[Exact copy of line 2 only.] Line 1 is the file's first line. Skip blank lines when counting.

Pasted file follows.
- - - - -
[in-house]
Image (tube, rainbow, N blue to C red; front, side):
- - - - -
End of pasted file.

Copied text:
Image (tube, rainbow, N blue to C red; front, side):